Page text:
I was up early this morning, well before the rest of the family bailed out from the warmth of their beds. It was slightly foggy and cool. I treated myself to a nice, peaceful, extended practice. It’s one my class has been working on for the past two weeks – 180 postural breaths and a 36 breath pranayama sequence. I did the same practice yesterday but this morning, I really had difficulties in keeping my mind on the mat.
In addition to the usual clutter from my brain that likes to pop up during practices, this morning my mind kept returning to the teachings of one of the top yogis of all time, Jesus of Nazareth. I’m not much for preaching at the best of times, and I wouldn’t label myself as a “Christian” but Jesus’ teachings were rock on. I’ve certainly gleaned some good out of them. Granted, he talked about a lot of things, some of which were recorded and others that got lost in the editing process, etc. but no matter how badly his followers have managed to muck things up over the past two millennium, you have to admit, He had some humdinger ideas.
Like forgiveness. I file this one under the yogic yama of aparigraha – non-grasping or non-hoarding. After all, what is forgiveness other than the letting go of our grievances and our slights? A lot of us feel the need to keep our little baubles of hurt and resentment in action because it fertilizes and renews our sense of anger. And furthermore, we LIKE it.
Oh…you’re one of these people who never get angry or perturbed and above all, never get off on it, this column isn’t for you. This column is for the people like me who find the state of anger to be a familiar country. It’s exhilarating. There’s something comforting about that surge of adrenaline and all the rest of the body’s “wake up — let’s rumble” chemicals coursing through body and mind. I like that high. It probably has something to do with the fact I spent most of my life to date being a pretty angry person. Naww, let’s cut the crap. I LOVE that high. It makes colours just a little bit brighter, and sounds just a little bit sharper. And my brain works just a little bit faster. And I feel powerful and strong and alive. I like that feeling. I love the rush.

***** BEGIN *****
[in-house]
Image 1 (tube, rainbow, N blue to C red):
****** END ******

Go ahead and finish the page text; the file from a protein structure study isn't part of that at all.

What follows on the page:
I came by it honestly. My mother was addicted to anger. She spent the first 50 years or so of her life as an extremely angry, raging woman who was cutting, emotionally brutal by times, physically violent at other times. I grew up in that cauldron of rage, which is probably why it took me so long to figure out that it isn’t normal.
I wasn’t as straight-forward as my mother. I didn’t get angry at people so much as I got angry at systems, institutions and things – like poverty, injustice, corruption, and, and, and..and did I mention, and. I was the adopter of causes and you have to admit, so many progressive social causes are just custom fit for people like me – the perpetually angry. We don’t have anger management problems; we’re simply passionate about a cause and if you aren’t willing to pour your energy into the cause, well, that just proves what a lousy human being you are because any right thinking human being with half a brain would KNOW that I am RIGHT and you, sniveling little worm, are wrong. Really, I try not to be smug when I say that but crap, it’s a struggle.
And by the way, it really doesn’t matter what the cause is. There are more causes than people to rally around them. In fact, you can pretty much make the rounds – violence against women, animal rights, nuclear disarmament, human rights, global warming, environmentalism, war, poverty, inequality, racism. The list is endless and frankly, they’re all good ones. Every single one of them is worth our time, our energy and our commitment. I’m not ‘dissing’ the cause. What I am taking a long hard look at is my approach to it.
Every single one of these, and a few more besides, has provided me with an opportunity to be a self-righteous, ego-driven twit. I can find fuel in every single one of these causes to embellish my rage and oh boy, there it was, that sweet, familiar elixir of anger, as tantalizing to the senses as wine and equally intoxicating. It’s ME against THEM. And by the way, THEM is stupid, short-sighted, greedy, rude, corrupt, blind, unconscious and uncaring. It’s ME against THEM and there’s only room for one of us to prevail in this world. Victory at all costs is the battle cry. There can be no peace, no rest, until THEM are vanquished.
Of course, being a nice, oh-so civilized Canadian with my rather comfortable middle-class lifestyle meant that most of my fighting was with words. I could retreat into a cave of faux-superiority, and with the smug satisfaction that I really was a cut above the common herd. Just look at ME — I wrote cheques and occasionally, took the time to try to educate a few of the less-thickheaded THEMs that live out there. I didn’t actually feel compelled to strap on a vest of explosives and go blow myself and a few dozen THEMs to hell and back in a subway. But the mechanics, the thought processes, the mindset – it’s all familiar territory.